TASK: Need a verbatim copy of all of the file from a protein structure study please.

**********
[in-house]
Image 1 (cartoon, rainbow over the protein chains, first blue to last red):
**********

[in-house]
Image 1 (cartoon, rainbow over the protein chains, first blue to last red):